Introduction: Substance use and unstable housing are associated with heavy use of the Emergency Department (ED). This study examined the impact of substance use and unstable housing on the probability of future ED use. Methods: Case-control study of patients presenting to an urban ED. Patients were eligible if they were unstably housed for the past 30 days, and/or if their chief complaint was related to substance use. Following written informed consent, patients completed a baseline survey and health care use was tracked via electronic medical records for the next six months. Controls were enrolled in a 1:4 ratio. More than 2 ED visits during the follow-up was pre-specified as a measure of excess ED use. Descriptive analyses included proportions and medians with interquartile ranges (IQR). Binomial logistic regression models were used to estimate the impact of housing status, high-risk alcohol use (AUDIT) and drug use (DUDIT), and combinations of these factors on subsequent acute care system contacts (ED visits + admissions). We controlled for age, gender, comorbidities at baseline, and baseline presenting acuity. Results: 41 controls, 46 substance using, 91 unstably housed, and 31 both unstably housed and substance using patients were enrolled (n = 209). Median ED visits during follow up were 0 (IQR: 0-1.0) for controls, 1.0 (IQR: 0-3.3) for substance using, 1.0 (IQR: 0-4.0) for unstably housed and 4 (IQR: 2-12.3) for unstably housed and substance using patients. The median acute care system contacts over the same period was 1.0 (IQR 0-2.0) for controls, 1.0 (IQR: 0-4.0) for substance using, 1.0 (IQR: 0-5.0) for unstably housed and 4.5 (IQR: 2.8-14.3) for unstably housed and substance using patients. Being unstably housed was the factor most strongly associated with having > 2 ED visits (b=3.288, p<0.005) followed by high-risk alcohol and drug use (b=2.149, p<0.08); high risk alcohol use alone was not significantly associated with ED visits (b=1.939, p<0.1). The number of comorbidities present at baseline was a small but statistically significant additional risk factor (b=0.478, p<0.05). The model correctly predicted 70.1% of patients’ ED utilization status. Conclusion: Unstable housing is a substantial risk factor for ED use; high-risk alcohol and drug use, and comorbidities at baseline increased this risk. The intensity of excess ED use was greatest in patients who were unstably housed and substance using.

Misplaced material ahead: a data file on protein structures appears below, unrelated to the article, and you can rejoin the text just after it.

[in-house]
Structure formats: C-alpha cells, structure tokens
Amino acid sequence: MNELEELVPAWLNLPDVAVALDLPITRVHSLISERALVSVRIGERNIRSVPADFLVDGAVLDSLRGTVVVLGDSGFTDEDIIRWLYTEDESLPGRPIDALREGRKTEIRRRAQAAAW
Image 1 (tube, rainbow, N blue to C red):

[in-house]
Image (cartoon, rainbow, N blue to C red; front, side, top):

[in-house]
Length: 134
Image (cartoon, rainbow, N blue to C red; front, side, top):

To perform a cost-effectiveness analysis to evaluate preoperative use of mupirocin in patients with total joint arthroplasty (TJA).